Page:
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Stem cells contribute to the pathogenesis of middle ear cholesteatoma
18 April 2018 (online)
Cholesteatoma is a potentially life-threatening middle ear lesion due to the formation of an inflamed ectopic mass of keratinizing squamous epithelium. Surgical removal remains the only treatment option, emphasizing the need to gain a better understanding of this severe middle ear disease.
Life sciences techniques, Gene expression Analysis.
We identified for the first time that stem cells residing in cholesteatoma tissue contribute to the pathogenesis of cholesteatoma. Cells expressing the “stemness” markers Nestin and S100B were detected in middle ear cholesteatoma and auditory canal skin. Isolated Nestin+/S100B+-cells showed the capability of self-renewal neurosphere formation and differentiation into mesodermal and ectodermal cell types including kerationcytes. Middle ear cholesteatoma-derived stem cells displayed an enhanced susceptibility to inflammatory stimulus compared to auditory canal skin stem cells, and this suggested a possible direct role in pathogenesis of cholesteatoma progression.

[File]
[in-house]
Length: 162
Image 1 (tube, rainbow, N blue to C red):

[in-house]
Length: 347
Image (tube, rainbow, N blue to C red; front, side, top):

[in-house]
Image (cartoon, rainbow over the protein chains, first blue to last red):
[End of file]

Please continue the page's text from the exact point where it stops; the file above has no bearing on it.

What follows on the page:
Cholesteatoma-derived stem cells were able to differentiate into keratinocyte-like cells using factors mimicking the microenvironment of cholesteatoma. Our findings show a completely new perspective in the pathogenesis of cholesteatoma and may lead to new treatment strategies for this severe middle ear lesion.